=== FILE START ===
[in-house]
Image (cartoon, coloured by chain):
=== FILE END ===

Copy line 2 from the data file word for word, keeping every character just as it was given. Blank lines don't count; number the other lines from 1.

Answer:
Image (cartoon, coloured by chain):